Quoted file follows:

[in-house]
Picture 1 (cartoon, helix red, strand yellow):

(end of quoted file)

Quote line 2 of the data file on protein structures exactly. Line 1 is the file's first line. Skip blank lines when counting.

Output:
Picture 1 (cartoon, helix red, strand yellow):